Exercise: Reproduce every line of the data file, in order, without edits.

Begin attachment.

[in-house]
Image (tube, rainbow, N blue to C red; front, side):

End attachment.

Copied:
[in-house]
Image (tube, rainbow, N blue to C red; front, side):